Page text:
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  1. High-severity fire in forested landscapes often produces a post-fire condition of high shrub cover and large loads of dead wood. Given the increasing patch size of high-severity fire and the tendency for these...

    Authors: Jamie M. Lydersen, Brandon M. Collins, Michelle Coppoletta, Melissa R. Jaffe, Hudson Northrop and Scott L. Stephens

    Citation: Fire Ecology 2019 15:43

    Content type: Original research

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  2. Behavioral responses are the most immediate ways animals interact with their environment, and are primary mechanisms by which individuals mitigate mortality risk while ensuring reproductive success. In disturb...

    Authors: Bradley S. Cohen, Thomas J. Prebyl, Bret A. Collier and Michael J. Chamberlain

    Citation: Fire Ecology 2019 15:41

    Content type: Original research

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  3. Fuel treatments are widely used to alter fuels in forested ecosystems to mitigate wildfire behavior and effects. However, few studies have examined long-term ecological effects of interacting fuel treatments (...

    Authors: Jessie M. Dodge, Eva K. Strand, Andrew T. Hudak, Benjamin C. Bright, Darcy H. Hammond and Beth A. Newingham

    Citation: Fire Ecology 2019 15:40

    Content type: Original research

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  4. Prescribed burning is used to reduce fire hazard in highly flammable vegetation types, including Banksia L.f. woodland that occurs on the Swan Coastal Plain (SCP), Western Australia, Australia. The 2016 census re...

    Authors: Valerie S. Densmore and Emma S. Clingan

    Citation: Fire Ecology 2019 15:36

    Content type: Original research

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  5. Knowledge of historical fire regimes informs the restoration of woodland communities. In the Appalachian Plateau of Ohio and Kentucky, USA, little is known about the long-term history of fire in oak–pine commu...

    Authors: Todd F. Hutchinson, Michael C. Stambaugh, Joseph M. Marschall and Richard P. Guyette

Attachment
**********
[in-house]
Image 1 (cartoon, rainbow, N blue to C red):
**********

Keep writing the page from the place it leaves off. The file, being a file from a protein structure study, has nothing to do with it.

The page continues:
Citation: Fire Ecology 2019 15:33

    Content type: Original research

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  6. Fire has historically been a primary control on succession and vegetation dynamics in boreal systems, although modern changing climate is potentially increasing fire size and frequency. Large, often remote fir...

    Authors: Darcy H. Hammond, Eva K. Strand, Andrew T. Hudak and Beth A. Newingham

    Citation: Fire Ecology 2019 15:32

    Content type: Original research

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  7. In recent years, fire services in Mediterranean Europe have been overwhelmed by extreme wildfire behavior. As a consequence, fire management has moved to defensive strategies with a focus only on the known ris...

    Authors: Marc Castellnou, Núria Prat-Guitart, Etel Arilla, Asier Larrañaga, Edgar Nebot, Xavier Castellarnau, Jordi Vendrell, Josep Pallàs, Joan Herrera, Marc Monturiol, José Cespedes, Jordi Pagès, Claudi Gallardo and Marta Miralles

    Citation: Fire Ecology 2019 15:31

    Content type: Forum

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  8. Prescribed burning plays an important role in the management of many ecosystems and can also be used to mitigate landscape-scale fire risk. Safe and effective application of prescribed fire requires that manag...

    Authors: G. Matt Davies, Colin J. Legg, A. Adam Smith and Angus MacDonald

    Citation: Fire Ecology 2019 15:30

    Content type: Original research

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  9. Pacific Northwest USA oak woodlands and savannas are fire-resilient communities dependent on frequent, low-severity fire to maintain their structure and understory species diversity, and to prevent encroachmen...

    Authors: Deborah G. Nemens, J. Morgan Varner and Peter W. Dunwiddie

    Citation: Fire Ecology 2019 15:29

    Content type: Original research

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  10. Understanding the temporal patterns of fire occurrence and their relationships with fuel dryness is key to sound fire management, especially under increasing global warming. At present, no system for predictio...

    Authors: Daniel Jose Vega-Nieva, Maria Guadalupe Nava-Miranda, Eric Calleros-Flores, Pablito Marcelo López-Serrano, Jaime Briseño-Reyes, Carlos López-Sánchez, Jose Javier Corral-Rivas, Eusebio Montiel-Antuna, Maria Isabel Cruz-Lopez, Rainer Ressl, Martin Cuahtle, Ernesto Alvarado-Celestino, Armando González-Cabán, Citlali Cortes-Montaño, Diego Pérez-Salicrup, Enrique Jardel-Pelaez…

    Citation: Fire Ecology 2019 15:28

    Content type: Original research

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  11. Wildfire is an important ecological process in mixed conifer forests of the Intermountain West region of the USA. However, researchers and managers are concerned because climate warming has led to increased fi...

    Authors: Eva K. Strand, Kevin L. Satterberg, Andrew T. Hudak, John Byrne, Azad Henareh Khalyani and Alistair M. S. Smith

    Citation: Fire Ecology 2019 15:25

    Content type: Original research

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  12. Following publication of the original article (Hyde et al., 2015), the authors have noticed two errors in the summarizing of our results and wish to point out the following corrections:

    Authors: Josh Hyde, Eva K. Strand, Andrew T. Hudak and Dale Hamilton